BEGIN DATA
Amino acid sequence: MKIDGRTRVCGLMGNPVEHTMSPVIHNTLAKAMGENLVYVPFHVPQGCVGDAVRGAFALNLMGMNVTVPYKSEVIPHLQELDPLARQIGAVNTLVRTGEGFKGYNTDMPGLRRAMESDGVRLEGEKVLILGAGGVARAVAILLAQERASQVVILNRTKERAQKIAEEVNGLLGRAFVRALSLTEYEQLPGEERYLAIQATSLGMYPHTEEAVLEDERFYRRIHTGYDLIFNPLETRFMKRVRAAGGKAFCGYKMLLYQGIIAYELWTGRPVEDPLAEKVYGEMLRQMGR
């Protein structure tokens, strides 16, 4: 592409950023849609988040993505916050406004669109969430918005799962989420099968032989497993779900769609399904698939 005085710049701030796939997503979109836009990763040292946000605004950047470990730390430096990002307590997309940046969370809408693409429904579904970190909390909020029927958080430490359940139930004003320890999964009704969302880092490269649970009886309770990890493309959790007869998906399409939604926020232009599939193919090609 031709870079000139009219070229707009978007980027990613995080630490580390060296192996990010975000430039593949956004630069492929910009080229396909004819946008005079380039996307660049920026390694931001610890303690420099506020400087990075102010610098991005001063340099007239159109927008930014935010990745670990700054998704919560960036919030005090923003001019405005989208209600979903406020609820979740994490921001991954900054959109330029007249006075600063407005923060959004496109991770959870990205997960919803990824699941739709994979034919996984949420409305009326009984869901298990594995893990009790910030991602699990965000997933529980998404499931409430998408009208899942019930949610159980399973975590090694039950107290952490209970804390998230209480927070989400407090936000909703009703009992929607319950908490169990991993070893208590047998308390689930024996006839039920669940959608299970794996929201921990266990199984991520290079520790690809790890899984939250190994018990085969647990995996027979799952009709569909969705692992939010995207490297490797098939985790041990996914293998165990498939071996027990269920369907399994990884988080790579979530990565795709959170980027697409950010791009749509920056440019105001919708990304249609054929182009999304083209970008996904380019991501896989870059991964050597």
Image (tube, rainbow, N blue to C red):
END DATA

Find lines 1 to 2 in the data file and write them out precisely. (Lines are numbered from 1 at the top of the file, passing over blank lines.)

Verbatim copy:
Amino acid sequence: MKIDGRTRVCGLMGNPVEHTMSPVIHNTLAKAMGENLVYVPFHVPQGCVGDAVRGAFALNLMGMNVTVPYKSEVIPHLQELDPLARQIGAVNTLVRTGEGFKGYNTDMPGLRRAMESDGVRLEGEKVLILGAGGVARAVAILLAQERASQVVILNRTKERAQKIAEEVNGLLGRAFVRALSLTEYEQLPGEERYLAIQATSLGMYPHTEEAVLEDERFYRRIHTGYDLIFNPLETRFMKRVRAAGGKAFCGYKMLLYQGIIAYELWTGRPVEDPLAEKVYGEMLRQMGR
């Protein structure tokens, strides 16, 4: 592409950023849609988040993505916050406004669109969430918005799962989420099968032989497993779900769609399904698939 005085710049701030796939997503979109836009990763040292946000605004950047470990730390430096990002307590997309940046969370809408693409429904579904970190909390909020029927958080430490359940139930004003320890999964009704969302880092490269649970009886309770990890493309959790007869998906399409939604926020232009599939193919090609 031709870079000139009219070229707009978007980027990613995080630490580390060296192996990010975000430039593949956004630069492929910009080229396909004819946008005079380039996307660049920026390694931001610890303690420099506020400087990075102010610098991005001063340099007239159109927008930014935010990745670990700054998704919560960036919030005090923003001019405005989208209600979903406020609820979740994490921001991954900054959109330029007249006075600063407005923060959004496109991770959870990205997960919803990824699941739709994979034919996984949420409305009326009984869901298990594995893990009790910030991602699990965000997933529980998404499931409430998408009208899942019930949610159980399973975590090694039950107290952490209970804390998230209480927070989400407090936000909703009703009992929607319950908490169990991993070893208590047998308390689930024996006839039920669940959608299970794996929201921990266990199984991520290079520790690809790890899984939250190994018990085969647990995996027979799952009709569909969705692992939010995207490297490797098939985790041990996914293998165990498939071996027990269920369907399994990884988080790579979530990565795709959170980027697409950010791009749509920056440019105001919708990304249609054929182009999304083209970008996904380019991501896989870059991964050597």